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McMaster To Organize Group Of State Attorneys General To Review Senate Health Care Bill

December 22, 2009

McMaster To Organize Group Of State Attorneys General To Review Senate Health Care Bill

Statement by Attorney General Henry McMaster

Columbia, S.C. December 22, 2009 – “This morning, I received a letter from South Carolina’s two United States Senators, Lindsey Graham and Jim DeMint, asking me, as Attorney General, to investigate the legality of the special funding arrangements negotiated with Nebraska Senator Ben Nelson to secure his vote for the Senate Democrat’s health care reform bill which moved forward toward eventual passage in the Senate by a vote of 60-40.

We have made a copy of that letter available to you here: pdf/2009/grahamdemintmedicaid.pdf

The language of the Nelson provision appears to give the State of Nebraska a permanent exemption from paying the Medicaid expenses all other states in the nation will be required to pay.

In other words, if this amendment stands, taxpayers from South Carolina and other states will be paying the bills for the increase in Nebraska’s Medicaid population. The Nelson provision is unusual in that there is not cut off date or phase out. Many provisions in federal law have a sunset date — say 2, 5, 10, or even 20 years– but this provision will continue in perpetuity.

Quite obviously, this issue raises very serious concerns about equity, tax fairness as well as the constitutionality of having federal tax levies and mandates that treat one state differently from all the others. If the Nelson provision is not unprecedented, I feel comfortable in saying it is an exceptionally rare occurrence. States generally are treated in a similar manner. In this case, Nebraska will be treated in a widely divergent manner than any other state.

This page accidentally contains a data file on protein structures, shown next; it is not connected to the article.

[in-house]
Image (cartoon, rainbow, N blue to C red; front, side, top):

Beginning today, I have instructed my attorneys to begin looking into the constitutionality of this provision and exploring the options that may be available to South Carolina and other states to defend taxpayers should this provision ultimately become law.

I am pleased to announce that Attorney General Rob McKenna of Washington State has agreed to join our efforts. Later this afternoon, I will be holding a teleconference with additional attorneys general to ask them to join our nationwide group to exchange ideas and explore our legal options.

In my judgment, Democrats and Republicans alike from every state in the union should be outraged by this deal. Medicaid is a joint federal-state program but in this instance one state — Nebraska — will be able to shift its future funding obligations back onto the federal government. Neither South Carolina, Georgia, California, nor any other state will have that luxury. Whatever the legal status may be (and we may soon find out), these negotiations — on their face — amount to a form of vote buying. Paid for by taxpayers.

And whether in the court of law or the court of public opinion, we must bring an end to this culture of corruption.”

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Contact: Mark Plowden

Communications Director



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